9. Yeah, that's what they say. Organic farmers still use pesticides like Copper, though, and other stuff. The basic rule of thumb is that if was invented a long time ago, that makes it safe. Didn't work for Asbestos, though.
  10. Biped

    Biped LE Book Reviewer

    That's not quite how I understand it. Many of the GM varieties on the market are designed for pesticide resistance rather than bug or mould resistance.

    There is an awful lot of money in pesticides, just ask ICI and the like.

    Now, the GM crop producers will tell you that the crop is not harmful to human health or the surrounding environment, but what they won't tell you is that the new and more 'effective' pesticides they can now use on those self-same crops is a lot more harmful to both the surrounding countryside AND your health.

    Edited: God awful spelling what?
  11. The whole GM debate is hiding other problems, though. Most worryingly is that in 50-odd years of agribusiness, intensive farming methods have exhausted the topsoil in our productive regions. If it wasn't for the vast amounts of fertiliser put onto the soil these days, we'd produce pitifully small yields of sickly plants. Consequently, farming is ever more dependant on the chemical industry for artificial means of sustaining productivity.

    This is probably one of the drivers behind the development of GM crops - a need for plants that are ever more efficient at gathering and using nutrition. A useful side effect of intensive cross-breeding is that many of the end results are sterile and can't reproduce, so where you have one strain with a high crop yield it's economically viable for farmers to come back for more seed each and every year.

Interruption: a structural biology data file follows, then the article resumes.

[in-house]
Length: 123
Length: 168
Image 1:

Built in redundancy in living organisms? Bit creepy, if you ask me.
  12. That ain't how it works though, mate. The crops need weeding whatever, whether it's Ukrainians with hoes or herbicides. Farmers either use herbicides which can be harmful to the environment, or Glyphosate (Roundup like you get at the garden centre), which is only harmful to green plants. Herbicides they use now don't kill the crop, but normally don't kill all the weeds. They were discovered by someone inventing a chemical, and spraying it on a load of crops and weeds. If one died and the other didn't, then they started all the safety tests they have to do now.

    If they make a GM crop plant that is resistant to Roundup, then all the weeds die, but the crop doesn't. If you don't spray the Roundup, then you stilll get weeds and crop, and I guess in your WWII scenario, we use the PoW's to do the weeding.

    The Greens like to say how the 'new' herbicides (Roundup has been around since the 1970's :roll: ) are more powerful, so more dangerous. That works with bombs and rockets, but not with herbicides. The people who invent these things are smarter than that, AND they work for American companies which are scared stiff of litigation. Roundup is neither hard to make, dangerous to use or expensive for farmers to buy (around £2 a litre, but in the garden centre you will get fleeced for around £20. Isn't it sh1t being a profit opportunity). And it's off patent, which means that anyone can make it, and lots of people do.
  13. Biped

    Biped LE Book Reviewer

    Nice thinking on the litigation issue. I'd like to point you in the direction of DU rounds, Aspartame and Asbestos, no to mention Thalidomide. These people may be rather clever, but that cleverness is directed to efficiency and profit, with the eyes in the BACK of the head looking at potential litigation issues.
  14. The problem with targeting specific groups is that you force then into resistance, and then what do you do?

    As for the lable organic, it just means that they don't use certain chemicals, and the ones they do use are under set limits. Copper and sulfer are just two of the heavy metels that are used by organic growers. Also most industrail seed has two or three protective coatings added before its even sold, is that still organic?